Despite these potential limitations, our results show that discourse processing for adult native readers is quite robust – in terms of reading fluency –, regardless of the connective used, and that they are able to successfully infer coherence relations, be they conveyed by frequent, less frequent or polyfunctional connectives. Still, our study demonstrates that readers find it easier to access the procedural instruction of connectives that are highly frequent, as we observed delayed fluency disruptions for less frequent connectives. Regarding the theoretical descriptions of connectives, we conclude that a procedural instruction of a connective in itself can be interchanged as they similarly build coherence (thus showing the usefulness of all types of connectives), but that connectives still differ in their accessibility for readers to decode these instructions. In this regard, future research is needed to test the way readers build meaning from connectives with other characteristics (such as a differing modality) in order to deepen our understanding of the ways in which readers access and handle procedural instructions in interactions with the individual characteristics of the connective used to convey them.

Data Availability Statement

The datasets presented in this study can be found in online repositories. The names of the repository/repositories and accession number(s) can be found below:

Ethics Statement

The studies involving human participants were reviewed and approved by SNSF: Division I. The patients/participants provided their written informed consent to participate in this study.

Author Contributions

MW, SZ, and PG: conceptualization. MW: data curation, investigation, methodology, resources, software, visualization, and writing—original draft. MW and PG: formal analysis. SZ: funding acquisition and project administration. SZ and PG: supervision and validation. SZ and PG: writing—review and editing. All authors contributed to the article and approved the submitted version.


This research was supported by a SNSF Grant Number 100012_184882 awarded to SZ.

Conflict of Interest

The authors declare that the research was conducted in the absence of any commercial or financial relationships that could be construed as a potential conflict of interest.

Publisher’s Note

All claims expressed in this article are solely those of the authors and do not necessarily represent those of their affiliated organizations, or those of the publisher, the editors and the reviewers. Any product that may be evaluated in this article, or claim that may be made by its manufacturer, is not guaranteed or endorsed by the publisher.


  1. ^ We also analyzed for both connectives, aside from the first hundred occurrences with an upper case, the first hundred occurrences when written with a lower case. However, some connectives had fewer than 100 occurrences when written with an upper case (e.g., or with an upper case in the spoken mode only had seven occurrences), in these cases we analyzed the total number of occurrences available (hence, for or: 100 with lower case + 7 with upper case = 107 in total).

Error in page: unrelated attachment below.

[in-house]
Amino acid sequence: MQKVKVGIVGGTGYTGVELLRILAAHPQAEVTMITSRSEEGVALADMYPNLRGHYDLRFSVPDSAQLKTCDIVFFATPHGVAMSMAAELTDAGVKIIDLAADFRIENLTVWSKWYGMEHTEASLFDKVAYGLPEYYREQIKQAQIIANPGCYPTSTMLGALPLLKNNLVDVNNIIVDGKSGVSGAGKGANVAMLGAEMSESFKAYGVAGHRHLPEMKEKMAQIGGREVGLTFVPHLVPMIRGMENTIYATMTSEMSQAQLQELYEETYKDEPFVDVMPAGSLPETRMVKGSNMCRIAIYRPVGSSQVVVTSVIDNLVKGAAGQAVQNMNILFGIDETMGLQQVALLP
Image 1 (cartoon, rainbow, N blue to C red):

2. ^
  3. ^ For the other experiments, no participants were excluded based on this threshold.
  4. ^
  5. ^ The data and annotated scripts for all three experiments can be found at


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Keywords: discourse processing, connectives, online reading, polyfunctionality, frequency

Citation: Wetzel M, Zufferey S and Gygax P (2022) How Robust Is Discourse Processing for Native Readers? The Role of Connectives and the Coherence Relations They Convey. Front. Psychol. 13:822151. doi: 10.3389/fpsyg.2022.822151

Received: 25 November 2021; Accepted: 25 January 2022;
Published: 15 February 2022.

Edited by:

Cristina Cacciari, University of Modena and Reggio Emilia, Italy

Reviewed by:

Paolo Canal, University Institute of Higher Studies in Pavia, Italy
Merel Scholman, Saarland University, Germany

Copyright © 2022 Wetzel, Zufferey and Gygax. This is an open-access article distributed under the terms of the Creative Commons Attribution License (CC BY). The use, distribution or reproduction in other forums is permitted, provided the original author(s) and the copyright owner(s) are credited and that the original publication in this journal is cited, in accordance with accepted academic practice. No use, distribution or reproduction is permitted which does not comply with these terms.

*Correspondence: Mathis Wetzel,

Disclaimer: All claims expressed in this article are solely those of the authors and do not necessarily represent those of their affiliated organizations, or those of the publisher, the editors and the reviewers. Any product that may be evaluated in this article or claim that may be made by its manufacturer is not guaranteed or endorsed by the publisher.